After falling at the buzzer to Oral Roberts on Nov. 18, Stanford men’s basketball knew that Thanksgiving would bring anything but a “break” for the team. In fact, the Cardinal was in for a series of battles — not the least of which was against the football team for fan turnout on the day of Big Game, plus the battles on the court with Florida A&M, Virginia, No. 5 Kentucky and Portland State — before classes resumed.
So, Stanford (4-3) went to work, notching a 30-point win over the Rattlers of Florida A&M (0-7) on Nov. 21, despite losing fans at the half to a less successful appearance by the football team at Big Game. Sophomore guard Jeremy Green led all scorers with a season-high 21 points, while senior Landry Fields earned his first double-double of the season with 15 points and 11 rebounds along with a season-high six assists.
Sophomore forward Jack Trotter and guards Drew Shiller, Jarrett Mann and Emmanuel Igbinosa all reached double figures in scoring as well, helping the Cardinal to lead by as much as 34 partway through the second half and to earn an eventual 99-69 victory.
Fields believes that the shared scoring in the Card’s most dominant win to date is a sign of Stanford’s continued improvement as individual players and as a group.
“Playing with each guy, I think the rotation is starting to really set in,” Fields, Stanford’s team captain, said. “A lot of guys are really starting to find their identity out there — I feel like everyone’s getting comfortable with their roles.”
Coach Johnny Dawkins agreed, noting that he’s seen the most improvement this season in Stanford’s young players.
“Some guys ducked into the lineup when they probably weren’t expecting it with Josh [Owens] around,” Dawkins said. “To see those guys really step up and compete for us at a really good level and to see those guys continuing to get better — when I’m speaking of those guys I’m speaking of the Zimmermanns, the Trotters, the Matei Daians — those guys at every practice have really come and battled, you can see the improvement in them.”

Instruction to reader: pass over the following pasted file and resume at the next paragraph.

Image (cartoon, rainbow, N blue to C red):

Stanford rode the momentum from the win all the way to Cancun, Mexico, where it met the University of Virginia (4-2) in the Cancun Challenge on Nov. 24. The matchup was fairly even, with six ties and 13 lead changes over the course of the contest. Both teams struggled in shooting — the Cardinal shot 38.9 percent from the floor to UVA’s 37.8 — but Fields lifted the Stanford offense with 25 points and 13 boards and found some help from Green, the only other Cardinal player to contribute in double digits, who added 10 points. Half of Green’s points came in the final 5 minutes of play, helping Stanford to pull away from the Cavaliers after being down 47-46 with 4:52 remaining.
At 4:42, Mann scored on a lay-up and Green followed with a lay-up of his own and then a long ball, along with a lay-up and two made foul shots by Fields to finish the 11-5 run by the Cardinal to win the game by the score of 57-52.
The win against Virginia placed Stanford in the tournament’s championship game against the fifth-ranked University of Kentucky (5-0). The Wildcats jumped out to what would be their largest lead of the meeting, holding a 19-11 advantage eight and a half minutes into the game. However, the second of Green’s five three-pointers at 12:21 jumpstarted an 11-0 run by the Card to give Stanford a three-point edge.
By the half, the teams had already seen six ties, but a final burst by the Cardinal earned the team a 38-32 buffer at halftime.
With Kentucky expected to dominate Stanford, Dawkins said that his team’s confidence in itself allowed Stanford to hang with one of the nation’s top teams.
“I think our kids believe that we can be competitive and that’s the first step — believing,” he said.
Throughout the second half, that belief and the Cardinal’s play, hung tough. Despite shooting only 31.8 percent, Stanford maintained a slight lead until 6:42, when a lay-up by Kentucky forward Patrick Patterson put the Wildcats up by one.